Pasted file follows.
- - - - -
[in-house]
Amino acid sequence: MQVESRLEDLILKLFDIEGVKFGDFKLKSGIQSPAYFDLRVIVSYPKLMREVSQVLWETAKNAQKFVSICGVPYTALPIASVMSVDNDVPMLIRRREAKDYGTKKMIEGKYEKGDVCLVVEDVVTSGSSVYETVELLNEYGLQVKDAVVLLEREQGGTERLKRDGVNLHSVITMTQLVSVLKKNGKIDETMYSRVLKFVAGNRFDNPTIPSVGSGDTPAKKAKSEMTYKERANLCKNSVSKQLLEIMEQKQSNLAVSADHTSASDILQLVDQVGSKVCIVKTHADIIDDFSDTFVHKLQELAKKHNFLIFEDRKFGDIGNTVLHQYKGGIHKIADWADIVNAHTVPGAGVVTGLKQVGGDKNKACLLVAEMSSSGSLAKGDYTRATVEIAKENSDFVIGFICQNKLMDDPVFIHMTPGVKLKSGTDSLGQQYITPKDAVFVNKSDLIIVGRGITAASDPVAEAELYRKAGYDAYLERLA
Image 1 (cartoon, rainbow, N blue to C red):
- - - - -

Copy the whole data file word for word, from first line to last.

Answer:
[in-house]
Amino acid sequence: MQVESRLEDLILKLFDIEGVKFGDFKLKSGIQSPAYFDLRVIVSYPKLMREVSQVLWETAKNAQKFVSICGVPYTALPIASVMSVDNDVPMLIRRREAKDYGTKKMIEGKYEKGDVCLVVEDVVTSGSSVYETVELLNEYGLQVKDAVVLLEREQGGTERLKRDGVNLHSVITMTQLVSVLKKNGKIDETMYSRVLKFVAGNRFDNPTIPSVGSGDTPAKKAKSEMTYKERANLCKNSVSKQLLEIMEQKQSNLAVSADHTSASDILQLVDQVGSKVCIVKTHADIIDDFSDTFVHKLQELAKKHNFLIFEDRKFGDIGNTVLHQYKGGIHKIADWADIVNAHTVPGAGVVTGLKQVGGDKNKACLLVAEMSSSGSLAKGDYTRATVEIAKENSDFVIGFICQNKLMDDPVFIHMTPGVKLKSGTDSLGQQYITPKDAVFVNKSDLIIVGRGITAASDPVAEAELYRKAGYDAYLERLA
Image 1 (cartoon, rainbow, N blue to C red):